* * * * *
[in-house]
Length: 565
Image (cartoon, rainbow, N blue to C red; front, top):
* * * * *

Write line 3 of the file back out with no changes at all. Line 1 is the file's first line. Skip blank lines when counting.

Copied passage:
Image (cartoon, rainbow, N blue to C red; front, top):